Where Birds Live:
Habitats in the Middle Atlantic States
Edited by Shirley A. Briggs and Chandler S. Robbins
The classic booklet Where Birds Live: Habitats in the Middle Atlantic States, edited by Shirley A. Briggs and Chandler S. Robbins, was published in 1951 by the Audubon Naturalist Society (ANS – see endnote). MOS has been given permission by ANS to digitize and make Where Birds Live available here as a downloadable and printable PDF. We are grateful to ANS for their spirit of generosity that again makes this publication available to birders and students of birdlife.
This 62-page booklet has long been out of print and no other digitized version can be found on the web. Yet Where Birds Live arguably still provides the best explanation in layman’s terms of the inexorable link between birds and their habitats. If you know the habitat that is present at a particular place, then you will be able to predict the birds that can be found there; and vice versa, if you know what birds are present at a given location, you will know what habitat to expect. Knowing the link between birds and their habitats is part of the essential knowledge base for any serious birder, and is especially relevant for citizen-science projects such as the breeding bird atlas. This is also crucial knowledge for appropriate preservation and management of land resources, and can be helpful with small-scale landscaping projects.
The PDF version presented here provides an exact replica of Where Birds Live: Habitats in the Middle Atlantic States. Given the printing technology of the day, the original printed copy has some features that would be considered flaws today, such as wavy lines of text and misshapen letters. This appearance is preserved in the PDF version.
Although some of the bird species names have changed since the booklet’s publication in 1951, and some birds are not as common as they once were, the essential wisdom in Where Birds Live remains relevant today. Providing the publication online is a way to preserve the knowledge of the eminent birders, scientists, and conservationists who went before us.
Where Birds Live was edited by Shirley Ann Briggs (1918-2004) and Chandler S. Robbins (1918-2017). Ms. Briggs was the first editor of ANS’s journal Wood Thrush, later renamed The Atlantic Naturalist, and held that post for 21 years, from 1948 to 1969. She was a close friend of Rachel Carson and was, in her own right, an influential conservationist of the day.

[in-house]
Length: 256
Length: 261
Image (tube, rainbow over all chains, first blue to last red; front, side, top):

Chan Robbins, our most eminent member of MOS and an ornithologist of worldwide influence, was of course the long-time editor of Maryland Birdlife. Thus Where Birds Live was a joint project by the editors of the two ornithology journals devoted to our area.
The booklet is organized into separate chapters for each habitat type, each written by a different author. The chapters had originally appeared as articles in the ANS journal Wood Thrush/The Atlantic Naturalist. The chapters of Where Birds Live were written by an all-star cast that included the most prominent of local ornithologists, some professional, some amateur:
- Importance of Habitat in the Lives of Birds by John W. Aldrich
- Suburban Areas and Orchards by Ruth Strosnider
- Woodland Margins and Hedgerows by Irston R. Barnes
- Upland Deciduous Woods by Irston R. Barnes
- Pine Woods by Irston R. Barnes
- Bottomland Woods by Irston R. Barnes
- Swamps by Brooke Meanley
- Open Areas: Fields, Meadows and Pastures by Eleanor C. Robbins
- Marshes by Robert E. Stewart
- Ponds and Rivers by Seth H. Low
- Bays and Estuaries by Robert E. Stewart
- Tidal Flats by Richard and Ruth Tousey
- Ocean, Ocean Beaches, Jetties and Tidal Rocks by Edwin G. Davis
All of the authors are now deceased. Although the authors are no longer with us, their knowledge lives on and can help us understand the kinds of places where we may find birds in present-day Maryland and Washington, D.C.
The printed copy that we have digitized is itself a significant historical artifact. It was the personal property of the late Dr. Francis Uhler, a biologist at the Patuxent Wildlife Research Center, and the cover bears his name in his handwriting. Dr. Matthew Perry, Scientist Emeritus of Patuxent Wildlife Research Center, who was mentored by Dr. Uhler, inherited Uhler’s copy of the booklet upon his death and kindly loaned it to us to be digitized.
Dr. Uhler, who died in 1990, was known for his research on food habits of North American wildlife and for his work on waterfowl. Dr. Uhler is memorialized by the Fran Uhler Natural Area in Prince George’s County; Dr. Uhler donated the funds that allowed for the purchase and preservation of this property on the Patuxent River.
In the longer term, we will be producing an annotated online version of Where Birds Live that will provide mouseovers with brief notes on the current status of birds that may have declined in their previous range, as well as notes with updated species names. Look for the annotated version of Where Birds Live on the Birder’s Guide website toward the latter part of 2020.
Endnote: At the time that Where Birds Live was published, ANS was known as the Audubon Society of the District of Columbia, and changed its name to Audubon Naturalist Society of the Central Atlantic States in 1959. The organization currently known as the Audubon Society of the District of Columbia (DC Audubon) was established in 1999.